I was wrong.  Well, sort of.  What I’d first like to point out is that had I looked at Mackenzie’s schematic a little more closely, I’d notice that he doesn’t have a negative rail and also doesn’t use a half-rail bias.  And again, his works fine…

So with my half-rail bias, the brightness of the panel never drops to zero under normal operation.  You can see what I’m talking about in this quick demo video I published during this stage of the project.

Now here’s the really weird part: If I turned the gain up almost all the way, the resting brightness of the panel actually went down.  In theory, the resting brightness should have gone up as the higher gain amplifies any ambient noise on the line.

I’m not 100% sure what was happening, but I speculate that it all boils down to my gain stage:

As mentioned before, an opamp in a negative feedback configuration will attempt to keep its two inputs at the same voltage.  We call this a “virtual short”.  In normal operation, as R7 is adjusted to put more of its resistance between the output and the inverting input of the opamp, the opamp must push harder on the output to keep the two inputs at the same voltage.  This results in an amplified output voltage.

This is how this stage normally operated, however when I turned the gain up very high (placing almost the whole 10k resistance of R7 in the feedback loop), I made it nearly impossible for the opamp’s output to have any affect on the inverting input.  Keep in mind that an ideal opamp has the ability to output +


V to –


V, while in my real world system, I was stuck at 0V to 5V (or actually 0 to 3.5V).  This incredibly high impedance and low rail voltage essentially broke my feedback loop.

Typically, when a feedback loop is broken, one of the two inputs will be driven higher than the other which will cause the opamp’s output to fly to one of the rails.  In this case though, external factors held those two voltages almost equal.  With the resistance of R7 being so high compared to R3, it was practically an open circuit.  In that case, both inputs are more or less locked at VCC/2.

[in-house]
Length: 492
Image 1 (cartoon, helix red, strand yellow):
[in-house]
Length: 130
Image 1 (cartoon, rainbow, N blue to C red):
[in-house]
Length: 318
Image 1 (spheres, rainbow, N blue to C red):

So no matter what the opamp did, the two inputs would always be at about the same voltage.  It could shoot to the positive rail or just float around with no effect.  Opamps aren’t really designed to be used in this sort of open-loop configuration, so their behavior is unpredictable.  In the case of the LM324 that I was using, the output just slowly sank to 0V.  While this might be a terrible problem in some circuits, it was actually really useful in mine allowing my panel’s brightness to actually drop to zero.

What’s even better is that the audio signal coming out of the microphone only affects the non-inverting input.  That means that while the DC component of the signal is ignored, the AC component is still amplified normally.  It’s sort of like using the op amp as a differential amplifier.

Again, analog has always been my weak point, but I’m fairly confident this explanation is right.

Lack of Brightness Granularity

So the video I posted above was recorded the night before I went on a week long vacation and 2 week business trip back to back.  I was so excited to have anything working, that I didn’t even notice this problem until it was pointed out to me by a friend the day after.

The entire point of this project was to produce the cool pulsating dimming effect instead of a simple blink, but it seemed like any loud noise caused the panel to shoot straight up to full brightness as demonstrated in the video.

I had a suspicion that the perceived brightness output of the EL panel was not linearly related to the resonant supply’s input voltage.  It could be that the brightness of the display changes more rapidly when you start feeding it higher voltage audio envelopes causing it to shoot up to the rail.

To test this, I replaced the envelope detector’s output with an adjustable power supply and measured the resulting output voltage presented to the EL panel.  I came up with this plot (note that the 9V battery was partially dead for this test):

As you can see, this relationship is nearly linear.

I then wondered if the panel’s brightness was not linearly related to the AC voltage amplitude powering it.  Although I was unable to produce any kind of hard data for this measurement, I did perceive a linear relationship between the brightness and voltage.

It turned out that the envelope follower was reacting way too fast to the audio signal, so rather than smoothing out a sharp increase in amplitude (kick drum), it just shot up and shot down.  As you will see later, adding some more RC filters solved this problem.

Positive Feedback Loop

Due to the nature of condenser microphones and the size of my audio rails, I had another issue where noise from the 100V


2kHz output would get coupled into the input.  This was the same issue I had with the strongerer glasses as mentioned before.  I suspect that the 5V regulator helped, but wasn’t able to completely eliminate noise at the very high gain levels.

When gain was turned up nearly all the way (high enough to cause the output brightness to droop), then any time the panel got near full brightness (from a loud noise for example), it would produce enough electrical noise to couple on to the input.  This noise would get amplified and passed through the envelope follower causing the output to rise even more.  This positive feedback loop caused the panel to be locked at full brightness even after the loud noise was extinguished.  The only way to return the panel to normal was to turn the gain down and then back up again.